The studies (in brief) came to the same conclusion: AI is only of limited help in qualitative research, even when larger amounts of data are involved. Machine intelligence certainly helps in sorting and filtering unstructured data which saves time; but it’s not useful in generating insights with a clear recommendation on what-to-do-next. The Hyve/Beiersdorf authors conclude:
“when conducting qualitative analysis, there is currently limited value in automated tools without human involvement”.
The business of interpretation, evaluating and fusing data sources, building on existing knowledge, drawing strategic conclusions – AI isn’t there yet.
The 2016 Unilever definition of an insight – “to inspire and provoke to enable transformational action” – is a task that requires human intelligence being brought to bear.
It should also be stressed that the very nature of qual, its raison d’etre, is to explore and understand, taking into account context and culture. The next step can be quantification and validation – or a re-visiting of qual for a focused deep-dive if needed. Qualitative research isn’t about numbers, larger sample sizes – it’s about exploring the power of n=1.
Of course qualitative folk need to surf the digital wave just like any other industry, identifying new digital opportunities, and yes, continue to evolve the hybrid “qual-quant” organizational model – exploring ways of delivering agile and in-depth insights more efficiently. But we shouldn’t get dazzled and dazed by every new-and-shiny, especially when validation claims are often over-stated.
Qualitative research skills are still in demand, however old-school that may sound ;) – 34% of all projects worldwide are qual, according to the results of the 2018 GRIT study. I’d go further – in an age of data overload, we need “people experts” with consultancy skills from the social sciences, from psychology, sociology, as well as the humanities, to partner with data-scientists to help make sense of myriad data streams: getting beyond correlation and squaring up to causality.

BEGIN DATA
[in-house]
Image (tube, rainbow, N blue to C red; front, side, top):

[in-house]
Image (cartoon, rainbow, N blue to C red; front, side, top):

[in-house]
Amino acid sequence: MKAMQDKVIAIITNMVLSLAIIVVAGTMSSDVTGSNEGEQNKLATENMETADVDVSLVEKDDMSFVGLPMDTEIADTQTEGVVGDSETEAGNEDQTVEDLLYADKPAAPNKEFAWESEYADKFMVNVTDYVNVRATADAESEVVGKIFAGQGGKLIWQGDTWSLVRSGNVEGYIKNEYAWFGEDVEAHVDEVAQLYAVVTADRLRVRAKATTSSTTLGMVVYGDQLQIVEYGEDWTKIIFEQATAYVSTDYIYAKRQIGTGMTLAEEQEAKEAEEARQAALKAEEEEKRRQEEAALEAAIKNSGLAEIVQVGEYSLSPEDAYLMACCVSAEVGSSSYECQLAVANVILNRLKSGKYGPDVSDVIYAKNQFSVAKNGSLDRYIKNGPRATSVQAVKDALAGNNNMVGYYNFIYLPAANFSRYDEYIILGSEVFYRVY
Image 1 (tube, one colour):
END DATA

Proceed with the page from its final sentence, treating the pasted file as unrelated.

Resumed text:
So to all industry associations, conference organizers, and other research influencers, here’s my take-out and call-for-action: qualitative research (however digitalized) is different and needs to be treated as such. It has clear consultative potential. Listening to skilled qual practitioners is almost always worthwhile, occasionally transformational; however small the supporting marketing budgets, there is value in amplification for a broad range of MR clients and marketing folk.
So here’s to flourishing qual futures – hybrid, interdisciplinary, insight-driven, digitally informed, human.
Scalability doesn’t have to be the Nr.1 priority.
P.S. For those interested, pop in to the GOR 2019 in Cologne in a few weeks’ time; we’re chairing a session entitled “Digitalization in Qualitative Research: opportunities, limitations” with three cool talks (SKIM Germany; Ericsson ConsumerLab; Happy Thinking People), examining different facets of the digitized world of qual.
P.P.S. This article was originally published in German at online portal marktforschung.de. The stage-one translation into English was via deepl, taking only a few minutes. The necessary and considerable re-work took well over an hour. Is that efficient? You be the judge.